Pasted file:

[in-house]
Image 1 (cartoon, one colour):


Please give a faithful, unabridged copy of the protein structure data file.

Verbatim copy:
[in-house]
Image 1 (cartoon, one colour):